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A ballpoint pen
A ballpoint pen

A pen (Latin penna, feather) is a writing instrument used to apply ink to a surface, usually paper. There are several different types, including ballpoint, rollerball, fountain, and felt-tip. Historically, reed pens, quill pens, and dip pens were used. Pen can be: The pen, a writing tool. ... Common photo of a pen. ... Writing is the process of inscribing characters on a medium, with the intention of forming words and other larger language constructs. ... For other uses, see Ink (disambiguation). ... For other uses, see Paper (disambiguation). ... Ballpoint pen, disassembled (top) and complete (bottom) A ballpoint pen (also eponymously known in British English as a biro and pronounced bye-row in Britain but sometimes bee-row elsewhere), is a modern writing instrument. ... A gel-based rollerball pen. ... A fountain pen is a writing instrument, more specifically a pen, that contains a reservoir of water-based ink that is fed to a nib through a feed via a combination of gravity and capillary action. ... Categories: Stub | Writing instruments ... A quill pen is made from a flight feather (preferably a primary) of a large bird, most often a goose. ... Three dip pens, and six nibs. ...

Contents

Types

The main modern types can be categorized by the kind of writing tip:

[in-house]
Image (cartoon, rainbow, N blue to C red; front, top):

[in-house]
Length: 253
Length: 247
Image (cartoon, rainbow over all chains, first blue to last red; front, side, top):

• A ballpoint pen dispenses a viscous oil-based ink by the rolling of a small hard sphere, usually 700–1200 µm and made of brass, steel or tungsten carbide.[1] The ink dries almost immediately on contact with paper. This type of pen is generally inexpensive and reliable. It has replaced the fountain pen as the most popular tool for everyday writing.
  • A rollerball pen dispenses a water-based liquid or gel ink through a ball tip similar to that of a ballpoint pen. The less-viscous ink is more-easily absorbed by paper than oil-based ink, and the pen moves more easily across a writing surface. The rollerball pen was initially designed to combine the convenience of a ballpoint pen with the smooth “wet ink” effect of a fountain pen.
    A letter written on paper with a rollerball pen, and the tip of that pen
    A letter written on paper with a rollerball pen, and the tip of that pen
  • A fountain pen uses water-based liquid ink delivered through a nib. The ink flows from a reservoir through a “feed” to the nib, then through the nib, due to capillary action and gravity. The nib has no moving parts and delivers ink through a thin slit to the writing surface. A fountain pen reservoir can be refillable or disposable, this disposable type being an ink cartridge. A pen with a refillable reservoir may have a mechanism, such as a piston, to draw ink from a bottle through the nib, or it may require refilling with an eyedropper. Refillable reservoirs are available for some pens designed to use disposable cartridges.
  • A felt-tip pen, or marker, has a porous tip of fibrous material. The smallest, finest-tipped markers are used for writing on paper. Medium-tip markers are often used by children for coloring. Larger markers are used for writing on other surfaces such as cardboard boxes and whiteboards. Markers with wide tips and bright but transparent ink, called highlighters, are used to mark existing text. Markers designed for children or for temporary writing (as with a whiteboard or overhead projector) typically use non-permanent inks. Large markers used to label shipping cases or other packages are usually permanent markers.
Reynolds pen used in India